1. Compare the six maps in J. M. Houston, The Western Mediterranean World (Longman's, 1964), p. 199; note also Juan Martínez-Alier's critique of overly generalized wet/dry distinctions in Labourers and Landowners in Southern Spain (London: George Allen and Unwin, 1971), p. 25.
2. Peter H. Freeman, "The Agroecosystem: A Framework for Assessing Agricultural Production Technologies in Developing Countries," Technology Assessment, 2 (1974), 243.
3. Ronald Cohen and John Middleton, From Tribe to Nation in Africa (Scranton, Pa., 1970), p. 11.
4. Criticón, III, 9; cited by Castro, The Spaniards, p.119.
5. Raymond Carr, Spain, 1808-1939 (Oxford: Clarendon Press, 1966), p. 2. In the sixteenth century, Francisco de Aldaña understood the arid nature of the peninsula and sought to relate character differences of Spaniards and Muslims to climate; see Castro, The Spaniards, p. 33. Apposite medieval perceptions are noted below.
6. E. Lévi-Provençal, "La 'Description de l'Espagne' d'Ahmad al-Râzi," al-Andalus, 18 (1953), 61-62; Elías Terés, "Textos poéticos árabes sobre Valencia," ibid., 30 (1965), 292-295.
7. See the excellent discussion by James Dickie, "The Hispano-Arabic Garden: Its Philosophy and Function," Bulletin of the School of Oriental and Asian Studies, 31 (1968), 237-248.
8. Terés, "Textos poéticos sobre Valencia," p. 293.
9. Braudel, The Mediterranean, I: 237; Himyarî, Péninsule ibérique, p. 5 (trans.).
10. Makkî, Aportaciones orientales, p. 116.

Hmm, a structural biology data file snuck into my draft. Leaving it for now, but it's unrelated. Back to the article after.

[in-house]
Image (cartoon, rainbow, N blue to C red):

11. Himyarî, Péninsule ibérique, p. 219 (trans.).
12. See the frequent references from Yâqût, whose entry for Seville in his encyclopedic work is found under the rubric Hims al-Andalus; Gamâl 'Abd al-Kar-im, A1-Andalus en el "Mu'yam al-buldân" de Yâqût (Seville: Publicaciones de la Universidad de Sevilla, 1972), pp.19 n. 12, 56, 144, 147. See also Makkî, Aportaciones orientales, p. 29; al-Saqundi, Elogio del islam español, trans. Emilio García Gómez (Madrid-Granada: Escuelas de Estudios Arabes, 1934), p. 108; Lawrence of Arabia (program of the Columbia Pictures film) (New York, 1962).
13. For the sake of comparison, the two texts-- stanzas 145-147 of the Poema and the fuller version from the Crónica -- may be consulted together in Poema de Fernán González, Alonso Zamora Vicente, ed., 4th ed. (Madrid: Espasa-Calpe, 1970), pp. 44-48.
14. See examples in Castro, The Spaniards, p. 227.
15. Féliz Hernández Giménez, "El convencional espinazo montañoso, de orientación este-oeste, que los geógrafos árabes atribuyen a la Península Ibérica," Al-Andalus, 30 (1965), 201-275. Cf. the more realistic Roman view of the same range in Manuel Criado de Val, Teoria de Castilla de Nueva, 2nd ed. (Madrid: Gredos, 1969), p. 19.
16. Bosch Vilá, A1barracín musulmana, map opposite p. 36.
17. See Lévi-Provençal, "Description de l'Espagne," pp. 60-61, and commentary in Bosch Vilá, A1barracín musulmana, pp. 36-38.
18. Jacinto Bosch Vilá, "Aigunas consideraciones sobre al-Tagr en al-Andalus y la división politico-administrativo en la España musulmana," in Etudes d'Orientalisme dédiées a la mémoire de Lévi-Provençal, 2 vols. (Paris: G.-P. Maisonneuve et Larose, 1962), I: 25-36; and Lévi-Provençal, España musulmana: Instituciones y vida social, p. 32.
19. Bosch Vilá, "Algunas consideraciones sobre al-Takr," pp. 27-28.
20. See Maravall's critique of the received view: Concepto de España, pp. 139-154.
21. Ibid., pp. 152-153: in marchis eremis et in solitariis locis contra paganorum.
22. Ibid., p. 152. Скрыть